Just off I80 near the California and Nevada Border are several NFS campgrounds on holding reservoirs for Truckee River water. As this is a drought year, the water levels are rather low.
The rally weekend also happened to be one where spring storms were working their way through so the wind chill was significant and the propane consumption rather high. The wind was perhaps a bit strong for Randy’s kites, too. See the photo gallery! —
A bit chilly in the fall but the leaves were turning, the winds were calm, and the comeraderie something else (along with the scenery).
see the photo gallery!
A no-fee camp area on between Frenchman’s and Davis Lakes. See Red Clover Valley Tour – first a in series of summer tours at Plumas County News for a bit of history on the area and the roads.
You may have heard the news about the political budget fracas. Did you know you are a pawn in the game? Warren Meyer runs a business you may have encountered at campgrounds. He has posted his Plea to Stop the White House From Closing Privately-Funded, Privately-Operated Parks. It is a letter to his Congressional representatives. In past shutdowns, he was left alone as his company hired people and fed money to the treasury. There is a difference this time.
“today, we have been told by senior member of the US Forest Service and Department of Agriculture that people “above the department”, which I presume means the White House, plan to order the Forest Service to needlessly and illegally close all private operations. I can only assume their intention is to artificially increase the cost of the shutdown as some sort of political ploy.”
If you plan to visit Washington D.C. to view the memorials and other sites, you might want to look into the saga of the WW II vets as well. Besides erecting barriers and increasing enforcement staff to block off a site never intended to close, people are being hired to protest the government ‘shutdown’ to try to counterbalance the veterans removing the barriers and visiting ‘their’ memorial. Apparently, spending government funds to close down tourist destinations is a critical government security issue, even if it is of the sort that generates funds for the government and jobs for part time RVers. Be aware of what actually is as it may not be what you are told.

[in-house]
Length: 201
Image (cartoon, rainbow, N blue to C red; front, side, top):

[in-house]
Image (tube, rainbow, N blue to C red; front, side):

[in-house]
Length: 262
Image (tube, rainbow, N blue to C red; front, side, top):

The U.S. is one of the very few countries to make a monument out of an embarrassment without outside provocation. The park service says it is One Camp, Ten Thousand Lives; One Camp, Ten Thousand Stories. Manzanar National Historic Site is 9 miles north of Lone Pine, CA.
See the photo gallery!
Get a glimpse of the psyche of the American people just after the Pearl Harbor attack. Keep in mind that modern ideas of ethnicity, nationality, and race were a luxury back then. Think about things that don’t change about people and how it could happen again in a different form.